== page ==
Threaded with care

Five di­rec­tors, one movie. That’s how Cuak weaves the ro­man­tic ta­pes­try.

The Star Malaysia - Star2 - - MOVIES - By VIC­TO­RIA BROWN en­ter­tain­ment@thes­tar.com.my “I also played with the idea of a man hav­ing to go through a se­ries of tests. Adam had to go through an ex­ter­mi­na­tor test. In the script, Adam had to kill a fly­ing cock­roach, a river rat and a lizard,” he sa

IS she the one, or should you run? This is the story of Adam who suf­fers from a bad case of wed­ding jit­ters. In fact, he ex­pe­ri­ences more than a fair bit of ner­vous­ness be­fore his mar­riage to Brenda. It all goes to pieces mo­ments at the cou­ple’s akad nikah (solem­ni­sa­tion) cer­e­mony.

With med­dle­some friends, in­sane in-laws, a sus­pi­cious step­brother and un­re­solved ex­girl­friend is­sues, it’s no won­der the quirky Adam has sec­ond thoughts about his mar­riage.

That’s the gist of the movie Cuak, a clev­erly stitched film that fea­tures five di­rec­tors pulling to­gether and weav­ing the fran­tic tale of Adam, played by the an­i­mated Ghafir Ak­bar. His love in­ter­est – the head­strong and con­fi­dent Brenda – is played by the multi-ta­lented Dawn Cheong.

Apart from ro­mance, Cuak, which roughly trans­lates into “sec­ond thoughts”, is also filled with ac­tion, mys­tery and drama.

“This film is re­ally an ex­per­i­ment. The idea be­hind Cuak has been in my mind since 2005. It is about get­ting very dif­fer­ent di­rec­tors to­gether to tell one story. It’s not an an­thol­ogy of short films, this is one story,” said Michael Chen, 31, the movie’s pro­ducer.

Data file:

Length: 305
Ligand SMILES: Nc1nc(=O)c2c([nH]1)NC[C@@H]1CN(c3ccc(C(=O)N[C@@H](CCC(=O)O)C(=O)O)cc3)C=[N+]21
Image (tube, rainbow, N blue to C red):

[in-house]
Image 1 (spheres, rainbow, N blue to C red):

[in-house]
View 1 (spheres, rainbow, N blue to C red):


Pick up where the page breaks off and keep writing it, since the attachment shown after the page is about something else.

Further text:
Cuak is a one-of-a-kind movie, in­deed. It’s ba­si­cally five young lo­cal di­rec­tors – Manesh Ne­sarat­nam, Tony Pi­etra Ar­juna, Khairil M Ba­har, Shamaine Oth­man and Lim Benji – on board to take view­ers through five dif­fer­ent film gen­res in one movie sit­ting. The movie was pro­duced by Garang Indie Pic­tures, the in­de­pen­dent arm of Garang Pic­tures.

“It’s not your stan­dard com­edy or love story, it’s a whole mix of dif­fer­ent gen­res,” he added.

Cuak, as the pro­ducer proudly men­tions, cen­tres on the col­lab­o­ra­tive ap­proach.

“This ap­proach seems to be work­ing best for indie-feel ef­forts lately such as the re­cent Kolumpo and can be seen as far back as Pete Teo’s 15Malaysia.

“Not only are we in­clud­ing sev­eral di­rec­tors, but the ac­tors, script­ing and ex­e­cu­tion with the shoot­ing of a sin­gle nar­ra­tive has brought to­gether quite a di­verse bunch of artists to work to­gether.”

But not to worry, Chen as­sures you that the all five seg­ments will be put to­gether to make one seam­less nar­ra­tive.

“To an au­di­ence mem­ber, I’m hop­ing that you won’t even re­alise that the gen­res have changed. I’m hop­ing that you’ll just watch it and you’ll be en­gaged with the story,” said Chen.

Chen also added that Cuak will res­onate with all Malaysians – young and old.

“It’s the same rea­son why you love watch­ing the late film­maker Yas­min Ah­mad’s movies. Peo­ple will watch her films and they’re like, ‘ Yeah, that’s my story.’”

Khairil also pointed out that Cuak has char­ac­ters Malaysians would recog­nise.